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M&A In 2022: The Year Ad Tech Slowed Its Roll | #ukscams | #datingscams | #european | #datingscams | #love | #relationships | #scams | #pof | | #dating

Despite rising interest rates and inflation, 2022 kicked off with a wave of M&A … that turned into a trickle … and became a relative dribble by the end of the year.

The ongoing war in Ukraine, global supply chain issues that just won’t quit, signal loss, regulatory scrutiny, ad spending on the decline, tech and media layoffs on the rise – the storm was perfect.

“You’ve got all of this uncertainty brewing,” Conor McKenna, a director at LUMA Partners, told AdExchanger in July, “and that creates a lot of challenges and puts a ton of pressure on valuations and dealmaking.”

But it was practically inevitable that M&A would slow in 2022 after the breakneck pace in 2021, when acquisitions were up 82% year-over-year, according to LUMA.

Yet there’s little doubt that M&A will be muted in the year to come, with fewer big deals getting done. Especially with antitrust antennas up in Washington, DC.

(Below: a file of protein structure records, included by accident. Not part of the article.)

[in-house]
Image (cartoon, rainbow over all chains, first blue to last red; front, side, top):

Even so, hope springs eternal, and one company’s headwind is another company’s potential opportunity. Privacy concerns, identity data-related challenges and targeting alternatives, the growth of retail media and the rise of data clean rooms could all spark interest from strategic acquirers.

In the meantime, though, here’s a thorough (but non-exhaustive) refresher on M&A during the year that was.


January was so jam-packed with acquisitions, we made a joke about it in the January 20 edition of AdExchanger’s daily news roundup: “Are you sick of hearing about M&A already? TOO BAD! We’ve still got multiple deals being announced on the regular.”

During the first week of January alone, AppLovin closed its acquisition of MoPub, Integral Ad Science bought a French contextual advertising startup called Context, acquired creative management platform, Magnite acquired cryptographic audience data startup Nth Party, CDP BlueConic sold a majority stake to Vista Equity Partners and The New York Times agreed to buy The Athletic.

And then the bonanza just kept on bonanza-ing, with a mix of low-key acquisitions and blockbuster deals.